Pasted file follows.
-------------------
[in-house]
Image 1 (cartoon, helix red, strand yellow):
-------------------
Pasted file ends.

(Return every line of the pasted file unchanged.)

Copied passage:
[in-house]
Image 1 (cartoon, helix red, strand yellow):